If you want an interesting, satisfying and highly rewarding career in the chemical and related process industries, this course is for you.
Chemical engineering is all about changing raw materials by altering the chemical, biochemical or physical state of a substance to create everything from face creams to fuels, metals to paper, plastics to synthetic fibres. These products are in every shop, office and home, and many of the companies that manufacture them are household names.
In the early years of the course, you will be exposed to the fundamental science and mathematics underpinning a wide range of process engineering concepts, such as mass and energy balances, thermodynamics, fluid mechanics, materials science and process modelling. There will also be plenty of opportunities for you to put that knowledge into practice in design and laboratory work.
In the third year, you will study more specialised modules and in year four (MEng) you will carry out an individual research project, which will enable you to investigate an industry-related topic in depth.
The first two years of our four chemical engineering degree share the same set of modules that focus on the fundamental science and engineering concepts associated with the subject. A key benefit of having a common first two years is that you can easily switch between our chemical engineering degrees.
Application deadline: Closed for 2015 entry. Applications for entry in 2016 can be made via UCAS.
UCAS Code: H800 (MEng, BEng) or H805 (BEng)
Our students typically undertake the Integrated Masters (MEng, BEng) as this is the most direct route to becoming a chartered engineer (CEng).
Industrial placements: Yes
Study abroad: Yes
Course duration: 3, 4 or 5 years depending on option taken.
Start date: September
Course fees: UK/EU: £9,000; International: £19,000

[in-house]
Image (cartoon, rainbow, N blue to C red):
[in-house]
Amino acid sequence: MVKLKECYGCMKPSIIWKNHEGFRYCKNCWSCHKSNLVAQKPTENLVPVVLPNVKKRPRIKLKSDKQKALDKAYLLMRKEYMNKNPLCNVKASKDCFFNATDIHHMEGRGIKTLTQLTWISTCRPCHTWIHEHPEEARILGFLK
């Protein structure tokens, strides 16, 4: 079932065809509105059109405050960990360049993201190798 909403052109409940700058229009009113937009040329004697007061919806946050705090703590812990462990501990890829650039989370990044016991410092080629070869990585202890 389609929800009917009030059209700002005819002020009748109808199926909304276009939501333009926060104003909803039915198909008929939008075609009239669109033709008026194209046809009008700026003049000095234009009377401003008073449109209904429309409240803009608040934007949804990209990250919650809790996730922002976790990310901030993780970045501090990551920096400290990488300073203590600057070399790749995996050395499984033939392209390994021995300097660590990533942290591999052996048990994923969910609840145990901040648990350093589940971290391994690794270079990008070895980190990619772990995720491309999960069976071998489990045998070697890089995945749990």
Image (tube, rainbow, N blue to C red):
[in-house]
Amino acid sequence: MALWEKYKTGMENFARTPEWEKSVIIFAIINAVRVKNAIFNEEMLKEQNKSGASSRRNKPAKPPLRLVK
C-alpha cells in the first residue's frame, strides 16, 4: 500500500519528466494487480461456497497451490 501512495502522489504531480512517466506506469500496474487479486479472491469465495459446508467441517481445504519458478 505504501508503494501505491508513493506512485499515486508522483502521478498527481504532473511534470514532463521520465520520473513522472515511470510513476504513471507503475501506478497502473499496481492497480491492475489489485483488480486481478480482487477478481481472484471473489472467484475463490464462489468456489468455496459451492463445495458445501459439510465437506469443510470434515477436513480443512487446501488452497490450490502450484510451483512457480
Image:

Information about living expenses and financial support can be found on the University's website.
Scholarships: Scholarships worth up to £8,000 available.
Accreditation: This course is accredited by the Institution of Chemical Engineers (IChemE) under licence from the UK regulator, the Engineering Council.
In years one and two, you will be exposed to the fundamental science and mathematics underpinning a wide range of process engineering concepts, such as mass and energy balances, thermodynamics, fluid mechanics, materials science and process modelling. There will also be plenty of opportunities for you to put that knowledge into practice in design and laboratory work.
In year three, you will study more specialised modules covering a wide range of chemical engineering topics, such as separation processes, reaction engineering, particle process engineering and process control.
Design forms an important part of any chemical engineering degree and from the first year onwards you will be faced with design challenges. Initially, you will undertake small projects under the close supervision of an academic mentor. The size and complexity of the projects increases until, in the third year, you will be part of a team conducting the detailed design of a chemical plant, an exercise lasting the whole academic year.
In year four (MEng), you will carry out an individual research project, which will enable you to investigate an industry-related topic in depth. Additionally, you will study research-informed modules covering topics such as product design and development, modelling and simulation, advances in chemical engineering and advanced reaction engineering.
The table below shows the modules that you will study if you commence your studies in September 2015. This information is taken from the University Programme Catalogue, which is a tool designed for current students to select modules.
If you are looking to start your studies in September 2016 it will give you a flavour of what you will study.
Our courses have a modular structure where you will be required to study 120 credits per year. A standard module is typically worth 10 or 20 credits.
This is an indicative list and actual content can vary as we regularly review the content of our courses in light of new experiences and developments in the field.
|Compulsory modules||Optional modules (choose one)|
|Technical Skills and Applications||Introduction to Management|
|Engineering Science 1|| Foundation Mathematics
Pre-requisite for: CAPE1040
|Mathematical Techniques 1|| Fundamentals of Process Chemistry
|Introduction to Process Engineering|| Foundation Engineering Physics
|Materials Science and Engineering||Introduction to Petroleum Engineering|
|Topics in Nanotechnology|
|Mathematical Techniques 2|
|Engineering Science 2|
|Safety, Health and Environment|
|Process Systems and Applications|
|Process Modelling and Thermodynamics|
|Materials Synthesis and Characterisation|
|Design Project (BEng)|
|Process Optimisation and Control|